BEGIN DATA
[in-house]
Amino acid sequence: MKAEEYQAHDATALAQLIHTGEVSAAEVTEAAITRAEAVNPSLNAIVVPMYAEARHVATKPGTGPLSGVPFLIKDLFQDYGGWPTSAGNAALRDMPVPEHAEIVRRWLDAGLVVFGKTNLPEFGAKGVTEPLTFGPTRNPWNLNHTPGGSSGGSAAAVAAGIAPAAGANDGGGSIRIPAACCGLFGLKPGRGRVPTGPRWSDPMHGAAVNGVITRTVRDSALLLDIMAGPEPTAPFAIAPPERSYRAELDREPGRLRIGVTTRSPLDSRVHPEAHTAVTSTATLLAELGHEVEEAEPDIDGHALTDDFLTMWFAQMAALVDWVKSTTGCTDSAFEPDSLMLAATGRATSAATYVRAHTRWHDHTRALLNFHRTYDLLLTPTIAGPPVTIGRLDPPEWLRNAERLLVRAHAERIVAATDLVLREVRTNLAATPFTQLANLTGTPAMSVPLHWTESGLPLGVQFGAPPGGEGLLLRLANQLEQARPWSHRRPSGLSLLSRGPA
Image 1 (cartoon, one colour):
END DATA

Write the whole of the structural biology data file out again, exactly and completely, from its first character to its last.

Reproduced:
[in-house]
Amino acid sequence: MKAEEYQAHDATALAQLIHTGEVSAAEVTEAAITRAEAVNPSLNAIVVPMYAEARHVATKPGTGPLSGVPFLIKDLFQDYGGWPTSAGNAALRDMPVPEHAEIVRRWLDAGLVVFGKTNLPEFGAKGVTEPLTFGPTRNPWNLNHTPGGSSGGSAAAVAAGIAPAAGANDGGGSIRIPAACCGLFGLKPGRGRVPTGPRWSDPMHGAAVNGVITRTVRDSALLLDIMAGPEPTAPFAIAPPERSYRAELDREPGRLRIGVTTRSPLDSRVHPEAHTAVTSTATLLAELGHEVEEAEPDIDGHALTDDFLTMWFAQMAALVDWVKSTTGCTDSAFEPDSLMLAATGRATSAATYVRAHTRWHDHTRALLNFHRTYDLLLTPTIAGPPVTIGRLDPPEWLRNAERLLVRAHAERIVAATDLVLREVRTNLAATPFTQLANLTGTPAMSVPLHWTESGLPLGVQFGAPPGGEGLLLRLANQLEQARPWSHRRPSGLSLLSRGPA
Image 1 (cartoon, one colour):